Got the Grades?

October 12, 2009 by Kristina Medley NMSU Round Up

green-report-card-3122563217-12oct09-webNMSU received “C-” on green report card

New Mexico State University received a “C-” on the College Sustainability Report Card, raising questions and causing student leadership to plan ahead for the next report card.

Cameron Bruns, communications fellow for the Sustainable Endowments Institute, said 300 colleges and universities across the United State and Canada with the largest endowment funds, and 32 other schools that requested to be included, were graded on nine categories, which made up an overall grade for each institution.

Bruns said only 27 of the 332 schools received an “A-,” the highest grade given this year. However, Bruns said she did not think the dwindling economy had a large impact on the grades.
“Last year, before the economic downturn, only 15 schools [received an ‘A’],” Bruns said. “We’ve still seen major improvements in full green projects.”

Bruns said one possible reason for the grade could have been the lack of response from student leadership, resulting in a “D” for student involvement. Bruns said the Sustainable Endowments Institute sends surveys to student leaders and administration and the survey results affect the grade of the institution.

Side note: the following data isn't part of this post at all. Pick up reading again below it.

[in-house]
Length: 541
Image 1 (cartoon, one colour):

Travis Dulany, Associated Students of NMSU president, said he never received a survey, but it is possible that a lack of communication between previous and current ASNMSU staff caused the surveys to become lost. Dulany said he plans to prepare a contact list for ASNMSU leaders for next year and to include a contact for a representative from the College Sustainability Report Card office.

“I think it’s important to get outside [opinions] on how we’re doing sustainability-wise,” Dulany said.

Dulany said he was a little surprised by a few of the individual grades for NMSU. Dulany said since NMSU has a smaller operating budget than most other universities and is making efforts to go green, reduce the carbon footprint of the school and reduce waste, he thought the grade would be higher.

“I thought the grade for administration would have been an ‘A’ because of the hard work the administration is doing [this year],” Dulany said.

The College Sustainability Report Card at http://www.greenreportcard.org

The College Sustainability Report Card

Two years ago, ASNMSU lobbied for the Recyclemania program and received $55,000 for it, Dulany said. ASNMSU is in the experimental stage of finding ways to help NMSU save energy on campus buildings students use and for which students help pay utilities, Dulany said.

Bruns said the College Sustainability Report Card 2010 was the fourth annual report completed by the Sustainable Endowments Institute. A new Web site, www.greenreportcard.org, features a map of school locations and the ability to compare grades Bruns said. The Web site was launched Wednesday, Bruns said.

The University of New Mexico received an overall grade of a “B” on the green report card.


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